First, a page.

Eureka I Think I’ve Found It
Every few months, someone claims to have decoded the baffling text of the Voynich Manuscript. Many eager code-breakers seem to think it’s enough to crack the door a couple of inches and let others do the actual work of decrypting it according to their revelatory method. To date, no one has published even two paragraphs of text that can be generalized to the document as a whole and some have offered only a few words that have yielded not even a single decrypted sentence.
Even methods that show promise are applied to the inscrutable text in inconsistent ways or result in text that doesn’t have the flow of natural language and can be interpreted according to whim rather than to an objective standard. Until someone describes a method that can be adapted by others and generalized to at least a few pages, the VMS text remains unsolved.
When the Tail Wags the Dog
I’ve never made any assumptions about where the VMS was created or by whom. I look for trails and follow them wherever they happen to lead and, if they run cold, I look for another and follow that. Thus, it surprised me that Edith and Erica Sherwood made this statement several years ago on their Voynich site with regard to plant identifications:
“Acting on the premise that the Voynich Manuscript is a 15th century Italian manuscript, we limited our selection to plants native to Europe or at least the old world and excluded all plants from the Americas.”
It’s entirely possible that the VMS originated in Italy, and maybe it makes sense to start in the most likely locale, but why begin with a limited set of data when you are in the information-gathering stage? It’s possible the Sherwoods had a good reason for limiting their search for plants, maybe they knew something about the VMS that others didn’t, but my feeling is that if you’re starting out, it’s sometimes better to cast a wide net and let the data lead you rather than putting artificial constraints on the search.
There are times when it makes sense to impose limitations, if the scope of a problem is intractable due to time or resources, but identifying plants isn’t an intractable problem. Botanists do it every day, often with plants for which the origin is unknown. If you choose to keyhole your research, do it in a reasonable way or someone will come along and upset the apple cart like this…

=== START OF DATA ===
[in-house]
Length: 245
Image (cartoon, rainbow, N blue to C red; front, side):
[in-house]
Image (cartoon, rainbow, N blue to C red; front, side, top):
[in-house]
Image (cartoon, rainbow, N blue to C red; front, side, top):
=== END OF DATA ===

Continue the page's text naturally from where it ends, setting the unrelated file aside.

A New World Origin
One of the more interesting ideas on the origin of the VMS was offered by Arthur O. Tucker, botanist, and Rexford H. Talbert, an information technologist with an interest in chemistry and botany. Tucker and Talbert’s 2013 paper was published in the American Botanical Council’s journal, the HerbalGram. A New World origin was proposed, with the suggestion that an extinct form of the Nahuatl language underlay the text.
This is a cool idea, if you consider someone trying to write a 16th century Aztec language with Latin characters might make up new characters to represent sounds not found in Spanish or Latin. That the VMS could have been created somewhere other than Europe is a reasonable hypothesis. The VMS was found in a Jesuit library and missionaries (Jesuit, Franciscan, Benedictine and others) were often the first to set up schools and housing in new colonies in both the far east and the west, and a number of them were interested in recording natural history. It’s also reasonable to consider that the text and drawings in the VMS might have been added to the parchment years after the parchment was prepared. There may even be small caches of centuries-old parchment that remain unused.